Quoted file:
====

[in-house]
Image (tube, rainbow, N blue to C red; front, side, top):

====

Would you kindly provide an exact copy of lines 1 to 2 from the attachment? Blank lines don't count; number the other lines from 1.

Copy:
[in-house]
Image (tube, rainbow, N blue to C red; front, side, top):